“Happy New Year,” is a graceful greeting at the beginning of each of these time units. It is a generous, forward-looking wish. But there are various comparable formulae in our communities.
In Lwoo (around Gulu and Lira) we say, “Apwoyo (afwoyo) mwaka manyen’” (thank you or I appreciate you for the new year). South of the Nile, the Baganda say “kulika omwaka”, apparently congratulating you on surviving the old year.
We can thus divide the wishes into three groups: those who dwell on the past, those who thrive in the present and those who look to the future. But when all is said and done, there are no rigid dividing lines among the phases of time.
As T. S. Eliot put it, “Time present and time past/ Are both perhaps present in time future.”
Such thoughts are inescapable at points of transition, like the end of one year and the beginning of another. “In my end is my beginning,” to quote another one from Eliot. Do you remember my telling you about Januarius, the two-faced guardian deity of the gates of time? Well, January is here and it is time to mull over the intricacies of time.
I remember our teachers, like Mazrui, p’Bitek and John Mbiti at Makerere, and later, Odera Oruka and his colleagues of UoN’s “sage philosophy” school, arduously working at formulations of an African concept of time and its implications for our development.
One such formulation, I think, was that, for the African, time is not a linear past-present-future progression. Rather, it is a circular continuum in which the individual, situated at the centre, simultaneously accesses, affects and is affected by various points on the circumference.
I know I am dabbling in matters for which I have neither head to comprehend nor tongue to articulate. But I could not help pondering and wondering about the mysteries of time as I celebrated this season, surrounded by the heart-warming company of my children, grandchildren and other relatives and close friends. For the family did come “home square”, as they do every couple of years, and that was almost literally from every corner of the globe.
It was delightful to see the array of hair styles and skin and eye colours, and hear the accents, ranging from typical Cockney to laid-back American drawls. The little ones had grown stunningly big, and I could no longer lift them up to hug them and say hullo. Or is it me who is growing too old and weak to cope as I used to?
Indeed, the whole thing came home to me when I was emphatically prevented by my grandchildren from delivering the surprise present I had prepared for them.
I am never good at presents and gifts, and since I had not seen my dear ones in quite a while, I could not think of any material gadgets to impress them.
So, I decided to surprise them with a live musical package. I would play and sing to them a clutch of Christmas carols and other popular ditties, and even ask them to sing along, and even dance around with me. That would be a treat, would it not? I would put to good use that electronic keyboard that I acquired two years ago, and at which I have been working assiduously.
I was even more motivated when Ronnie, my brother, who is a regular instrumentalist with our church choir, agreed to “accompany” me on his guitar. In reality, he would be singing and playing the leads, and I would be accompanying him, since my playing is barely adequate at best, and my singing is, well –“just”, as the Ugandans would cryptically put it.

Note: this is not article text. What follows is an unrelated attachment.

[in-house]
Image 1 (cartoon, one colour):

Anyway, we lined up the pieces and rehearsed ardently for the occasion. We polished carols like "Oh Come All Ye Faithful", "Silent Night" (which this year turned 200 years old since its dramatic birth in Austria), and even the French "Il est né le divin enfant" (he is born the divine babe), so popular around here that it has parallel profane lyrics about the rowdy drinking sprees with which some neighbours celebrate.
"We Wish You a Merry Christmas" and the wistful "Away in a Manger" were also on the playlist. The Irish "Lord of the Dance", with a boogie-boogie beat, would have everyone on their feet, and we would crown it all with the East African revival Kiganda praise-song, "Tukutendereza" (we praise you).
But the dream concert never got anywhere near there. We struck up with "We Wish You a Merry Christmas" and almost immediately, the whole “audience” of beloved little ones fell upon us and our instruments. Each little mouth and hand wanted to sing and play the popular tune and there was a veritable scramble for the keys and strings of the instruments, as well as a raucous chorus of “singing” voices.
The worrying part of the show was that our participating audience seemed to take “banging” out a tune quite literally, punching, poking and pulling at the instruments with uninhibited energy.
While we hoped that the keyboard would survive the onslaught, our worry about the guitar was that the strings could snap and cause serious injury to the faces and eyes of the spectator-performers. The fun just had to be cut short and we regretfully hung up our instruments.
But the enthusiasm and energy of that brief moment left me fascinated about the tremendous potential of our new generation. Properly inspired, these new world citizens are ready and rearing to go. Our challenge is how to firmly place this rising generation at the centre of their times and guide them on how to choose the best from all that surrounds them.
Indeed, I realise that my tunes are not necessarily their tunes, and the way they play theirs cannot be dictated entirely by me and my age-mates. All we can do for the young is give them our love and trust, and let them make their own music.
Apwoyo mwaka manyen!
Prof Bukenya is a leading East African scholar of English and Literature. [email protected]